The best documented female painter of the early 18th century was Rachel Ruysch (1664-1750). Growing up in 17th-century Holland, Ruysch was part of a distinguished and artistic family. Helping her father, a professional anatomist and botanist, with natural specimens for their private museum, she learned to depict the flowers and plants from different places around the world.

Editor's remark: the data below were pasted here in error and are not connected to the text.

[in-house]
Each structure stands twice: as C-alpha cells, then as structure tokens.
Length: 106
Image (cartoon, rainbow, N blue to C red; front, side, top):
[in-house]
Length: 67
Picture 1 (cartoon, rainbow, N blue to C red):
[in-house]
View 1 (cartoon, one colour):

From the age of 15, Ruysch trained with an established still life painter. As a woman, she was restricted from studying the male nude, which was the main technique for her male counterparts to paint historical or biblical subjects, but her paintings stand out (almost literally) because of their three dimensionality, thanks to her early experience in her father’s museum. In 1701, she became the first female member of an artist’s society in The Hague, and from 1708 to 1716, she was court painter in Düsseldorf. We know that money later became no object for the family as in 1722, Ruysch and her husband won the lottery. She continued painting for passion, however, and was still creating works in her 80s.